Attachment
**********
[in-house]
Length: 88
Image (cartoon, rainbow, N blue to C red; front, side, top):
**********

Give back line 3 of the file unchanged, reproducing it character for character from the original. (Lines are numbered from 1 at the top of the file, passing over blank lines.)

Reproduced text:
Image (cartoon, rainbow, N blue to C red; front, side, top):